So here's my 2 cents worth of rhubarb recipes. Two cakes and two more gooey desserts - a rhubarb custard and a jello dessert.

Rhubarb custard (or fruit soup) and rhubarb jello with a cheese-cake topping (Rabarberikissell ja rabarberitarretis juustukoogi kattega):Makes 4 jello desserts and a good jug of custard

2.5 l water
3 big stalks of rhubarb
1 stick of cinnamon
200 g sugar
1 25 g pack of gelatin
6 tbsp of potato starch (or use corn starch)
200 g of your favorite yoghurt ( I used arctic bramble (the yellow raspberry like berries)
200 g of vanilla sauce / custard / pudding
4 heaped tbsps of creamed cheese
2-3 marmalade candies for decorating

Peel and chop up the rhubarb.

Bring the water to a boil with the sugar and the cinnamon stick.
Add the rhubarb when the sugar is dissolved.
Let it boil for 2-3 minutes (depending whether you want to feel the chunks of rhubarb or you want it all soft).
Taste, if it's sour for your liking, add more sugar.
Remove from heat.
Now set aside 1.2 L of the stuff for the jello dessert.

Continue with the rhubarb custard.
Dissolve the potato starch with some cold water and stir it into the boiled rhubarbs. Make sure you por it in in a very thin drizzle, stirring at the same time. Put the pot back on heat until you see bubbles rising from the bottom. Remove from heat and pour into a big jug or a glass bowl.

These fruit-soups or thickened juices or custards are very common in Estonia. You can just enjoy a glass as a nice tasty drink or serve it as dessert with creamed cottage cheese or whipped cream. It's also nice to pour over your oatmeal in the morning.

Now on with the jello-desserts.

You have your 1.2 l of cooled rhubarb-compote.
Mix the gelatin in some cold water in a small pot or a sauce pan. Put the pan on the stove (medium heat) and heat until the mixture goes thin and transparent. Don't let it come to a boil.
Add the mixture to the rhubarb compote and stir.
Pour 1/4 of a mixture into a tall wine glass or a nice dessert bowl (preferably transparent). Cover with cling film and put them in the fridge for at least 4 hours.
Before serving thoroughly mix the creamed cheese with the yoghurt. Spoon 1/4 of the mixture into each glass on top of the jello. Then spoon some vanilla sauce on top of that (it should stay in nice layers). Sprinkle with peaces of marmalade candy (or crushed digestive biscuits).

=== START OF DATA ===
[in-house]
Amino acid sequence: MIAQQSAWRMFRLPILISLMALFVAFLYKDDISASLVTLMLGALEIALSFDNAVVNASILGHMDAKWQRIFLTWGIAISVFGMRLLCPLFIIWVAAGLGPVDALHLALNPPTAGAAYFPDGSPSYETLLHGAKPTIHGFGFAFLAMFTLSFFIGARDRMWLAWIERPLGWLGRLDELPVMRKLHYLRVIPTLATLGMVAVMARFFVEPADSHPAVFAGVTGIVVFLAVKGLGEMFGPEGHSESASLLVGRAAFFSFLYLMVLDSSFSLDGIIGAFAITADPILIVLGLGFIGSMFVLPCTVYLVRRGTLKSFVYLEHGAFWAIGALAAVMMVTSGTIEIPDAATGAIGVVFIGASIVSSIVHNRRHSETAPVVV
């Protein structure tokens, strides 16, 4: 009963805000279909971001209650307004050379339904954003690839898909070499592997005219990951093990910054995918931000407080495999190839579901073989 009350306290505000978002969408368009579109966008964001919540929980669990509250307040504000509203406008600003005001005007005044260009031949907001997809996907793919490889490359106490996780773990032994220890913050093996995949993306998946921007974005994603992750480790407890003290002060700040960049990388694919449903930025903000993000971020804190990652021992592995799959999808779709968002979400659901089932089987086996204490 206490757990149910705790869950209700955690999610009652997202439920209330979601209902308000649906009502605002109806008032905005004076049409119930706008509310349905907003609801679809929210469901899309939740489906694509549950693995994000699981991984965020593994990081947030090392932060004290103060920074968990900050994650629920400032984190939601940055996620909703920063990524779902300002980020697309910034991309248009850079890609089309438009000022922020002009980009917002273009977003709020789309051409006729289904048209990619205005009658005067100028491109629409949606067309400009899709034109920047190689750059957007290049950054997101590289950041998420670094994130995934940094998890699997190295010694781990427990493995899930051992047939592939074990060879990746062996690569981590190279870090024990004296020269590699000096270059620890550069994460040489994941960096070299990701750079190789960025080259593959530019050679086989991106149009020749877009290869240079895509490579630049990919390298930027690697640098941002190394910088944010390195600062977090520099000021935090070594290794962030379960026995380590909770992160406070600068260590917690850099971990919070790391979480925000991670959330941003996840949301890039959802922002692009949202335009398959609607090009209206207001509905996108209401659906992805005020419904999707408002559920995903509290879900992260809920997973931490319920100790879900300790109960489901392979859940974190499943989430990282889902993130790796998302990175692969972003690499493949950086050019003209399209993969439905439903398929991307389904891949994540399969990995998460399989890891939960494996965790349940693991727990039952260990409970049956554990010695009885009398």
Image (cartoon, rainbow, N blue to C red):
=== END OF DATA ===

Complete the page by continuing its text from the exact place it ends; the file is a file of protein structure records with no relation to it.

I loved it. It was my first time making rhubarb jello or any kind of jello and I'll definitely make them again.

Childhood rhubarb cake (Rabarberikook nagu lapsepõlves):

400 g of plain flour
4 eggs
200 g butter
202 g of sugar
2 tsp of baking powder
1 medium rhubarb stalk
some cinnamon powder
2 tbsp of brown sugar

Preheat the oven to 180C.
Peel and chop the rhubarb.
Melt the butter and sugar.
Mix the flour and baking powder.
Add the butter and sugar to the flour.

Mix in eggs, one at a time.

Pour the dough on a buttered oven-tin and cover with chunks of rhubarb.
Sprinkle with brown sugar and cinnamon.

Bake for 20 minutes or until the thinner edges turn golden brown.

I absolutely love this cake. It is dead-simple to make, yet I always want to eat the whole thing by myself.

Rhubarb cake #2 (my mom has now started making it, apparently this is the typical rhubarb cake in Estonia, my whole life I thought that the one above is) (Muretaignal rabarberikook):

for the crust:
1 store bought short-crust pie shell or 200-300g of shortcrust pastry
If you make your own you'll need:
200 g butter
200 g sugar
1 egg
400 g plain flour
1 tbsp baking powder

for the middle layer:
1 medium rhubarb stalk
3 tbsp of brown sugar
some cinnamon powder

for the top layer:
2 eggs
3 tbsp of sugar
2 tbsp of flour
1 tsp of baking powder

Preheat the oven to 180 C.
Mix the flour and sugar. Add the egg and small pieces of butter (at room temperature). Knead in. Add the baking powder. Knead again. Press the dough into a pie-tin, poke with a fork or cover with a piece of baking paper and some dry beans and bake for about 15-20 minutes.

In the mean time peel and chop the rhubarb and mix it with brown sugar and cinnamon.
Set aside.

Beat the eggs (at room temperature) with the sugar. Gently fold in the flour (through a sieve) and the baking powder.

Cover the crust with a layer of rhubarb and then top it off with the second dough. Sprinkle with cinnamon and bake for about 10 - 15 minutes more.

This one is really nice as well. I think it would actually be even nicer if the top layer was pure meringue not a meringue like sponge.